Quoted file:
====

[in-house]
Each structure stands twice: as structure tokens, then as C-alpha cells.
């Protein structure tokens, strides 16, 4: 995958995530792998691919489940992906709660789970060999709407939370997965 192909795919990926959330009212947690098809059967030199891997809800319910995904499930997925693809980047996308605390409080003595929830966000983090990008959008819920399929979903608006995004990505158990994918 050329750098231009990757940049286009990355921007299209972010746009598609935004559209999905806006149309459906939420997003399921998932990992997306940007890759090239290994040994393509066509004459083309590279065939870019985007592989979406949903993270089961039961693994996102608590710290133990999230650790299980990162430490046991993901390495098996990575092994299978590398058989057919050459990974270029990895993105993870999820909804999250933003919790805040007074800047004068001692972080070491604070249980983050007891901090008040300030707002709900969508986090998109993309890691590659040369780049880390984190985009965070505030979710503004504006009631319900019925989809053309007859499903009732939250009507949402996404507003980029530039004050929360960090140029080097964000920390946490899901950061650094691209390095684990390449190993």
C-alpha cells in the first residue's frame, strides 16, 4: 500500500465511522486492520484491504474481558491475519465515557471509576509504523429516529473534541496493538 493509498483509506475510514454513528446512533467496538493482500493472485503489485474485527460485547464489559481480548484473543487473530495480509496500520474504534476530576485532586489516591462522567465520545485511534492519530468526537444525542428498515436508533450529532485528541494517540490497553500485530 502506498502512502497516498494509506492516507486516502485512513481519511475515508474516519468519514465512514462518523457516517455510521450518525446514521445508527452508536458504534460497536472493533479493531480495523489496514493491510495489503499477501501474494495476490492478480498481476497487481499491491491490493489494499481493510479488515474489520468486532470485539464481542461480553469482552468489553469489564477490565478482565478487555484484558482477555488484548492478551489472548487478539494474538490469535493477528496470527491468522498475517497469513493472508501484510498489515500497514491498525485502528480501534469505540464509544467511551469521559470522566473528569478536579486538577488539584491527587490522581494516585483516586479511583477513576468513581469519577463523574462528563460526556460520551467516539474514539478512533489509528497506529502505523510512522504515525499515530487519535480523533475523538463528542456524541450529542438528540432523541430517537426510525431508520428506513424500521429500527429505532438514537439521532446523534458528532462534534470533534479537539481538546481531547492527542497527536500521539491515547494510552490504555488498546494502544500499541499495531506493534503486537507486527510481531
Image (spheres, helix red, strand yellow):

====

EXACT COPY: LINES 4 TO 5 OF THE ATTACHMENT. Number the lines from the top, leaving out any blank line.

C-alpha cells in the first residue's frame, strides 16, 4: 500500500465511522486492520484491504474481558491475519465515557471509576509504523429516529473534541496493538 493509498483509506475510514454513528446512533467496538493482500493472485503489485474485527460485547464489559481480548484473543487473530495480509496500520474504534476530576485532586489516591462522567465520545485511534492519530468526537444525542428498515436508533450529532485528541494517540490497553500485530 502506498502512502497516498494509506492516507486516502485512513481519511475515508474516519468519514465512514462518523457516517455510521450518525446514521445508527452508536458504534460497536472493533479493531480495523489496514493491510495489503499477501501474494495476490492478480498481476497487481499491491491490493489494499481493510479488515474489520468486532470485539464481542461480553469482552468489553469489564477490565478482565478487555484484558482477555488484548492478551489472548487478539494474538490469535493477528496470527491468522498475517497469513493472508501484510498489515500497514491498525485502528480501534469505540464509544467511551469521559470522566473528569478536579486538577488539584491527587490522581494516585483516586479511583477513576468513581469519577463523574462528563460526556460520551467516539474514539478512533489509528497506529502505523510512522504515525499515530487519535480523533475523538463528542456524541450529542438528540432523541430517537426510525431508520428506513424500521429500527429505532438514537439521532446523534458528532462534534470533534479537539481538546481531547492527542497527536500521539491515547494510552490504555488498546494502544500499541499495531506493534503486537507486527510481531
Image (spheres, helix red, strand yellow):